While the Yalda Night tradition seems to have started in Iran, it has spread across large parts of Central Asia as well. This is likely due to the Parthian (also known as Persian) and Sassanid Empires which ruled most of the region between the 6th century BCE and the 7th century AD when the region was conquered by Muslims.
Even before the Parthian Empire, many nomadic tribes such as the Scythians, Medes, and, of course, the Persians, moved through the Iranian plateau for thousands of years. As a result, religious practices, and holidays such as Zoroastrianism and the Yalda Night were spread across the region. Today, most Central Asian countries celebrate the Yalda Night including Afghanistan, Tajikistan, Turkmenistan, Uzbekistan, Iraqi Kurdistan, as well as a few Caucasian states like Armenia and Azerbaijan. The roughly 14 million Kurdish people in Turkey also celebrate the Yalda Night.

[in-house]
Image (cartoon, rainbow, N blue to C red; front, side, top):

This means that, by a very rough estimate, this holiday is celebrated by about 200 million people across Central Asia and the Middle East. Countless ethnic Iranians across Europe, the US, and the rest of the world also often celebrate the Yalda Night, as the Christians around them prepare to celebrate Christmas and their Jewish neighbors celebrate Hanukkah.
Yalda Night is one of the oldest holidays that is still celebrated, dating back around 8000 years. Although it links back to Zoroastrian beliefs, it continues to be observed in Middle Eastern and Central Asian countries, which are largely Muslim. Today, it’s a symbolic celebration, representing hope, waiting, loneliness, and the idea of Light (Good) fighting against Darkness (Bad).